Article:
dealing with the engineering, in such a way that in no area
did it adversely affect the artwork or it’s aim. I hope that we’ve, to a degree,
achieved that. Not always easily. We’re here in this warehouse
putting in the temporary installation
of New Dawn. So this is the first time
we see it all together. The temporary installation
is really important because it allows us to
practise the installation. But also, to programme New Dawn because the lighting is something that has to be programmed by the
artist to make sure it’s going to
look like she wants it to. And so we can do it here at leisure before we do the proper installation. Today, we have been putting up the first of the LED panels. Which is a fairly key moment for us to make sure that the wiring
that we’ve put in place is correct and that it works. We’ve got 168 of these panels
to install. And so there are twice
as many wires coming out. And it’s as been a day whereby
we plugged everything in and it all worked the first time
which was pleasing and obviously exactly how we planned. This is a very large piece of art. It’s not just a large painting on
canvas, which are difficult enough to install. But this has got an electricity
supply, computer supply. It’s made of metal and glass. Glass is obviously very fragile. The pieces of metal are huge. These are very long pieces of metal. So trying to get all of that to this very high-up installation
site, way above a doorway, right
at ceiling height at the end of Westminister Hall, is
going to be very challenging. It’s something that we wanna get
right. And so practising here
really allows us to work out all the difficulties
and solve them all. The moment when I realised
that this was actually a piece of art and not just
the technical challenge which I’ve enjoyed doing,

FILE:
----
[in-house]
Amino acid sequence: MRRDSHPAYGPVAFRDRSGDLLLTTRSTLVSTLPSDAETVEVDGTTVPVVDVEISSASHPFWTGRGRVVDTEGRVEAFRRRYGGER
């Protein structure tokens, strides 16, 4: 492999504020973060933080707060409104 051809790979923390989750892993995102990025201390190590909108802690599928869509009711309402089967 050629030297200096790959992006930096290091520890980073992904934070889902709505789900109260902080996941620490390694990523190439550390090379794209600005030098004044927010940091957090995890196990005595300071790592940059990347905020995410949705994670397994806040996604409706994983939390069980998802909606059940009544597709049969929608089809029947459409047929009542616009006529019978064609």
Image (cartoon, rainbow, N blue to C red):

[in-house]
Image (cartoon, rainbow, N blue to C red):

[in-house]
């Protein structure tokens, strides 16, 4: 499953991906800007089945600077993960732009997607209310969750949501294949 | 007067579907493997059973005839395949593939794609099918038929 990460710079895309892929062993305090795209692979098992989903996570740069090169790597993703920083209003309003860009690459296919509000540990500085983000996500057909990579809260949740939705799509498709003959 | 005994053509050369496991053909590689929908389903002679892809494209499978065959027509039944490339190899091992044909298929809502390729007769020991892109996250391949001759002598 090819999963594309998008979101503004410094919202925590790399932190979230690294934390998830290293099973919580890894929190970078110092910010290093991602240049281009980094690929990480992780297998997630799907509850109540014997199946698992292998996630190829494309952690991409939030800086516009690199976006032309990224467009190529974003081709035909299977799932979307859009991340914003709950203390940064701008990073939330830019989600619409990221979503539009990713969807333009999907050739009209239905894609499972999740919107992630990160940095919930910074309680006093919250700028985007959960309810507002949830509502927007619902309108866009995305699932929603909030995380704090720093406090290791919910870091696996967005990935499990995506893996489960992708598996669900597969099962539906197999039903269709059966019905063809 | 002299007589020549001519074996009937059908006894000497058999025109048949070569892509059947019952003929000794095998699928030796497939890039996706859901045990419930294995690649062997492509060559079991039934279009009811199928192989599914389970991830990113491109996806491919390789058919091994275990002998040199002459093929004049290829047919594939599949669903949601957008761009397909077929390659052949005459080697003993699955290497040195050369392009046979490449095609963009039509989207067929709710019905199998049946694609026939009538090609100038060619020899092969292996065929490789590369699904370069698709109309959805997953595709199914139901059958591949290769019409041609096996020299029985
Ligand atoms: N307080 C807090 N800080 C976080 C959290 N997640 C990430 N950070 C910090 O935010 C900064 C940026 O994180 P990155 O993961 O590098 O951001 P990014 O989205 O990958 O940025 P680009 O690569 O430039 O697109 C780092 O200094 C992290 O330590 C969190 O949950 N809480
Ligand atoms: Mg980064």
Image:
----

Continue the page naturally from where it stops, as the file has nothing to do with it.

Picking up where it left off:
is when I saw all the pieces of glass laid out on the floor. And, just the stunningness of them and comparing it with the
photographs that had inspired Mary back when she was doing
the research for the piece. You suddenly, completely got it. It just made sense. I have been working
with a team of people for the last two weeks
and so we’ve got the structure on the wall now. I started a year and a half
ago with some drawings. Even though it’s always
felt like my piece of work. I’ve had to consult and work
with the metal engineers. And the lighting designer
and different manufacturing processes to actually create this. So, we’ve gone away from the concept and looked at the detail of every nut and bolt has been thought about. It’s the first time
that I’ve been able to see all the parts together. As the build goes on,
I feel more and more relaxed because I’m beginning to see my artwork coming together again. The glass work was fantastic
to see all in position. But then, it’s only when we
got the light sheet behind it and we actually started
putting light through them that the colours are
just so vibrant and lovely and they completely change. And we’ve got five
panels up at the moment. There are 163 more to go. When they’re in place, it’s
just going to be breathtaking. Just can’t wait.
It’s gonna be stunning.

Dereck Turner